# Math Bugs and Slips: Talking with Students about Common Errors

*Watching for the Tricky Parts*

Math can be tricky. Students make common errors, referred to as “math bugs” in the research literature (Ginsburg, 1987). One of the things that we can do is have a focused discussion each week about the tricky parts of problems that students make. These have to do more with conceptual understanding and procedural fluency. “Slips” (Ginsburg, 1987) are the silly mistakes that students make that can easily be corrected.

As a guided math strategy, the teacher actually has an in depth discussion about the tricky parts of whatever the students are currently studying. Let’s take a look at a Math Bug vignette done during a guided math group:

**Mrs. Kay**: Okay, everybody, today we are going to talk about Measurement Math Bugs. Our 4^{th} grade standard says that you all will know how to make conversions within the Standard Unit of Measurement. This means that you will be able to convert inches, feet and yards. So let’s look at a typical problem and the common bugs that pop up when solving this problem.

* Problem: Susie is going to make a dress. She bought 2 ft. 5 inches of material. She has to pay for the material by the inch. How much of the material does she have in inches?*

*Math Bug Answer 1: 10 inches*

*Math Bug Answer 2: 7 inches*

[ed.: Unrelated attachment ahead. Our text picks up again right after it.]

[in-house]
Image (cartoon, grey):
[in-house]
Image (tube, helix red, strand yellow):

**Mrs. Kay**: Who can tell me what the error is in Math Bug 1?

**Tom:** They multiplied the 2 by the 5.

**Mrs. Kay**: Who agrees? Thumbs up if you agree, thumbs down if you don’t and sideways if you’re not sure. [Most students agree and a few aren’t sure.] Ok, yes they multiplied here. What is the math bug in example 2?

**Maria:** They added, but you’re not supposed to add. You’re supposed to first change the 2 ft to inches. Then add that to the five inches and that gives you the total in inches.

**Mrs. Kay**: Who agrees? Thumbs up if you agree, thumbs down if you don’t and sideways if you’re not sure. [Everyone agrees] Ok, so if we were to write the steps for doing conversion problems, what would we write. Let’s chart it and then you write the steps in your own words in your math journal.

*(Mrs. Kay Charts it and the students note it in their journals).*

Ginsburg, H. P. (1987). How to assess number facts, calculation, and understanding. In D. D. Hammill (Ed.), Assessing the abilities and instructional needs of students (pp. 483503). Austin, TX: PROED.

This is helpful because talking about the “bugs” fosters a deeper level of thinking. This kind of discussion helps students think about being able to explain their own answers.

Luster ChaunceyDecember 23, 2010